UBC Theses and Dissertations
Experimental study of the effect of particle size distribution on heat transfer within the bed of a rotary kiln Dhanjal, Sanjiv K.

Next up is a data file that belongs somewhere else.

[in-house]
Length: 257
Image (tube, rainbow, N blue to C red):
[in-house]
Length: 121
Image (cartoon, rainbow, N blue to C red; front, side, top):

Rotary kilns are some of the largest pieces of equipment found in industry. Their resilience and versatility makes them suitable for a wide variety of applications, such as the calcination of lime and alumina, reduction of iron ore, cement clinkering and solid waste incineration. Common to all of their uses is the need to thermally process a material, typically particulate, by directly firing a fossil fuel. A kiln consists of a refractory lined cylindrical furnace with its axis at a slight angle to the horizontal. Raw material is fed at the upper end and, by virtue of the kiln's rotation, it travels along its length. The burner is located at the lower end. As such, the kiln is a counter current heat exchanger, with hot combustion gases flowing upwards over a bed of particulate material traveling down. To ensure efficient and quality processing, all of the material in a kiln needs to be heated up to temperature, without any of it overheating. This requires efficient heat transfer from the combustion gases to the bed and efficient heat transfer within the bed, to ensure all of the material is evenly heated. However, this is not always achieved. For example, it has been found in industry that fine material often remains unreacted. The reason has been attributed to the phenomenon of segregation, whereby the fines collect towards the center of the bed and so are shielded from the hot combustion gases. Experiments on laboratory kilns have confirmed that segregation in the cross section of a kiln occurs rapidly. Within a few revolutions, the fines collect in the middle of the bed forming a core, often referred to as a "kidney". Since a kiln typically rotates at 1-2 rpm and material residence time is 1-4 hours, a bed that contains fines will be segregated for almost all of its time in the kiln. The fines will not be exposed to the hot gases and so may not react. On the other hand, a bed that contains mono-sized particles has been found to intimately mix. In such a bed all of the particles have an equal chance of being exposed to the hot gases. Since heat transfer within the bed is dominated by material advection, the bed is likely to be isothermal. From this it has been presumed that segregation is the cause of temperature non-uniformity in the bed cross-section. While there has been no experimental data published confirming this, modeling work has concurred with the premise that segregation is the cause of temperature non-uniformity in the bed cross section. The aim of this study is to investigate this through experimentation and to determine what level of fines cause temperature non-uniformity in the cross section of the bed. To meet the study objectives a batch rotary kiln was designed. The furnace was lined with a dense refractory that, when hot, was used as the heat source for the bed. This would allow the heat rate to be calculated using radiation heat transfer theory. The furnace was first heated using a gas flame. When it was hot, material was inserted and ,the furnace rotated. The temperatures of the walls and in the cross section of the bed were measured using thermocouples and a data logger. Sand was selected as the bed material since it is inert. A number of sand mixes with various levels of fines were made by using a sieve shaker. To quantify the level of fines the particle size standard deviation was calculated. This allowed the results to be extrapolated for other applications such as in industry where wide ranges of particle size distributions are common. The design of the furnace was carried out by the use of models written specifically for this project. A one-dimensional model of the heat transfer between combustion gases and the furnace walls was written and used to ensure that the furnace could be heated using a gas flame. It was then modified to ensure the walls could in turn heat up the bed material. A two-dimensional model of the bed cross section was also written and used output data from the one-dimensional model to determine whether the temperature profile in the bed cross section could be measured practically. The models were used to design the pertinent furnace specifications. These were furnace I.D. = 400mm, sand bed depth = 100mm, lining = 70mm thick castable and insulation = 20mm thick blanket. These specifications formed the basis of the furnace mechanical design and were not altered once the experiments were started. Therefore, the models fulfilled their purpose. The furnace was heated until the refractory hot face was 1100°C before the flame was extinguished. Sand was then inserted into it and the furnace rotated. Each test lasted for about 20 minutes and the bed was heated up to about 800°C. A temperature profile was subsequently obtained at select locations in the bed cross section. The number of bed thermocouples was limited to four, since they tended to agitate the bed, affecting heat transfer. Since the locations were the same for each test, their range of temperatures was used to quantify the temperature non-uniformity in the bed. Using these temperatures, together with temperatures of the walls, the heat rate to the bed and corresponding heat transfer coefficient were calculated for each run. In all runs it was found that the spread of the temperatures in the bed was between 100-200°C initially. The range dropped to less than 10°C after 20 minutes. The temperature data was used to calculate heat transfer coefficients and these were in the range 85-175 W / m 2K. A further interesting finding was that the rate of heat transfer across the covered bed surface was 3-6 times the rate across the exposed bed surface. This highlights the importance of conduction between the covered wall and particles adjacent to it. These data represent a significant contribution to the literature since very few studies are available at realistic kiln temperatures and for kilns with diameters above 0.25m. To determine the effect of size distribution, the average range of temperature, heat rate to the bed and heat transfer coefficient were calculated for one minute time periods during each test. The values were then plotted with the standard deviation of particle size. Much scatter was observed in these plots and it appeared that size distribution had little effect on temperature uniformity in the bed and no effect on heat rate and heat transfer coefficient. The results were somewhat surprising, since segregation was evident during the some of the runs. Finer particles could be seen underneath the layer of larger particles, below the bed surface. Therefore, for the size ranges studied segregation did not hinder heat transfer across the bed. Perhaps heat transfer is a stronger function of overall material flow and effective thermal diffusivity, as opposed to segregation. This study provides a substantial amount of data at realistic kiln temperatures, something that is rare in the general literature. The data can be used for validating models of the heat transfer in the cross section of the bed, and so further understanding in this area.